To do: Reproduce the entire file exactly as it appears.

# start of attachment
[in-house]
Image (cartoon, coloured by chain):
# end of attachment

[in-house]
Image (cartoon, coloured by chain):